A Spoken Word by Muhammad Zaid Bin Amer Hey My name is Muhammad Zaid Bin Amer. You may have heard of me And to be quite frank I’m not always 100% sure I’m spelling Muhammad right. Is it M u, M o, I don't know- it's confusing. I was born on June 21st 1999, in some ghetto army base within Peshawar, a small city in Pakistan. This is widely been regarded as a terrible idea Now see the reason I wasn’t born in a regular hospital is that we were on the way to the airport, leaving Pakistan as refugees because of some bad business my parents have never went into because they just love keeping secrets This just goes to show, people wanted me dead even before I was born I’m often terrible at staying quiet, being loud and shattering the solid silence, I mean what can I say I was born sleeping and have been messed up ever since I like coca-cola Alot I go to The University of Waterloo I’m in first year and I still don't have my drivers license And for as long as I can remember I’ve loved cheap food... and bad [...]

Understand Me

Understand Me by Eunice Adubea Owusu Amoah Was he dead?  Or was he alive? His skin felt warm and flushed all over. Was he dying? Or was he still in love? Something warm and sticky was in his hand. Blood. His? Hers? A face appeared before him. Someone screaming his name. Or maybe just screaming. Screeches of fear. Or pain. Or surprise.  Was it her? Was she beside him? Screaming for him to stay alive?  Or screaming at him to just die? He didn’t deserve to die, he thought. She was the one who broke him. He thought of the day they met. “Boo,” she whispered.  He quickly spun around to face her.  His chin brushed against her short, wet, spiky hair. He looked down at her and she looked up at him. Two complete strangers who had fatefully met in a cemetery on a rainy night. There was an ambulance. His thoughts begged for the siren to be shut. He was trying to remember.  What had she been wearing? Had she smiled? No.  She’d laughed though. Yes she’d- The siren. The stupid siren. Too fucking loud. She’d laughed. He’d stared at her in that beautiful moment, [...]

Summer in the Suburbs

Summer in the Suburbs by Erin Taylor I‘m on my leadoff from second base when a girl shows up and leans against our dugout fence. I pause, trying to make out who it is, before I hear the scuffle of the backcatcher's shin guards as she jumps up and my coach screams, "Morris! Down!" So I dive face-first under the sweeping glove and slap the tips of my fingers on the bag. Our cleanup batter brings me home. Coach Jen hesitates, tells me to look, then run. She knows I have a good slide. I scoop up the bat and hustle back to the dugout, grinning and dusting off my batting gloves on my shorts. Annette is standing on the other side of the fence, behind my teammates, the fingers of her left hand hooked in the chain links. I shriek and jump on the bench. There’s a commotion by third and my teammates all rise. I reach her through the fence. I’m shouting, "You're back!" She’s laughing and nodding, and then she looks over my shoulder. "They need you out there, Sarah." I look back. Everyone has taken the field. "Can you stay?" "I'll be here." [...]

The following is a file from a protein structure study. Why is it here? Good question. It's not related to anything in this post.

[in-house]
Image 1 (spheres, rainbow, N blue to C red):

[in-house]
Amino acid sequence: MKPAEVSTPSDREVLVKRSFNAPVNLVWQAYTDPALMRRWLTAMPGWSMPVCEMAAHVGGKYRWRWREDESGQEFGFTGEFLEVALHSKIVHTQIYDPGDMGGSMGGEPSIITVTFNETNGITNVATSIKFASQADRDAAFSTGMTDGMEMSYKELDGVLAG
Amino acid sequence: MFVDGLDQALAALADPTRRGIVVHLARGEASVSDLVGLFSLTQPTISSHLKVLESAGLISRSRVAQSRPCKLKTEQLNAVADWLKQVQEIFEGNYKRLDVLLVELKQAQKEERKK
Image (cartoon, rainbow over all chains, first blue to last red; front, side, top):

“The Time Twister” by Suhana Kumar

The Time Twister Suhana Kumar Published Spring 2020 ` Sarajevo, 1914 The air was smokey, clusters of particles floating through as if time had stopped. Maybe, in a way, time did stop, and it was as if the streets of Sarajevo knew something was going to happen. Or, as they say, the calm before the storm. He woke up at precisely 6:30, and dragged himself out of bed to dress. He had to look his best, today was the big day. He grabbed the letters that piled on the broken side-table and shoved them into his coat pocket, and finally, retrieved a gun from his closet and putting it in his inside coat pocket. The boy looked into the dirty mirror at his shorn hair as he covered his demons with a cap. What did I get myself into? But you promised me. So why does it feel wrong? His long, unkempt bangs fluttered in his face as he tugged on his cap, stepping out into the streets. He doesn’t know why he was feeling so self-conscious, living in Sarajevo meant that you were a nobody. A nobody… It took him 15 minutes to reach [...]